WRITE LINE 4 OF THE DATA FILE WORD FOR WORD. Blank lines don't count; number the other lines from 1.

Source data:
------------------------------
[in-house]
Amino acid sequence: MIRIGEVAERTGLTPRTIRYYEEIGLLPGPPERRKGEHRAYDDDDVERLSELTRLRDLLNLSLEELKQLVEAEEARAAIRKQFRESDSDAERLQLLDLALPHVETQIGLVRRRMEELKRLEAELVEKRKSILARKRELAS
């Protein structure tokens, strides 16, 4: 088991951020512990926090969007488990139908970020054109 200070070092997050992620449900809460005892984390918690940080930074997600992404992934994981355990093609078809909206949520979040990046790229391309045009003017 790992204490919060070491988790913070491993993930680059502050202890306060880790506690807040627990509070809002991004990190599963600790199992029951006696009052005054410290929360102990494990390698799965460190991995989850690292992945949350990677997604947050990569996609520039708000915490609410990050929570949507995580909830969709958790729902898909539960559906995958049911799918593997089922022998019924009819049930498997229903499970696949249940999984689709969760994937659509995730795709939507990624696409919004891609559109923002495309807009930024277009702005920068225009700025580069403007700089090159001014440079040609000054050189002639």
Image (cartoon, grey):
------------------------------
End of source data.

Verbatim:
Image (cartoon, grey):